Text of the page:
One solution that has been largely over-looked until recently is protecting natural ecosystems, especially forests, wetlands and other areas rich in biological activity, because of their ability to sequester carbon naturally. Soil is an integral part of the natural carbon cycle so farms need to use techniques which protect the soil's ability to sequester carbon. More information can be found on websites such as:
A quote from the Environmental Literacy Council site, above:
"The carbon cycle is by far the cycle of greatest interest due to its importance in both climate change and global warming. Soil plays a critical role in this cycle since the majority of carbon in the atmosphere comes from biological reactions within the soil."
On the dangers of embracing the nuclear option:
Quite a few people argue that nuclear energy can replace fossil fuel-generated energy without producing GHG. Nuclear energy is not a sensible option though, because:
- it depends on a non-renewable resource (uranium), which is environmentally devastating to mine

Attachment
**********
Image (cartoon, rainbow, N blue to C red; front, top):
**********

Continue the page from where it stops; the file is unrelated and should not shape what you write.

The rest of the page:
- if the resources spent on developing the nuclear industry were spent on conservation and developing renewable energy sources, the savings in GHG would be much higher
- the environmental and health consequences of the nuclear industry are extreme and continue to jeopardize the genetic code of life for centuries to come
- nuclear plants pose a real security risk in terms of their appeal as potential terrorist targets
- we do not need nuclear energy, given all the other safer, renewable options we have. Germany's Hermann Scheer argues this point convincingly (in Chris Turner's Aug. 2, 2008 Globe and Mail article, "The wind at his back":
Mr. Scheer used Ontario as his case in point, noting that the approximately 20,000 megawatts of its electricity currently drawn from non-renewable coal and nuclear plants was about equal to the amount of generating capacity that smaller and much more crowded Germany had added in wind power alone in the past 10 years. "Where is the problem?" he asked. "The problem is in the mind."
Why are mechanisms for translating some of these solutions into public policy such as a multi-party standing committee and a citizens' assembly on climate change necessary?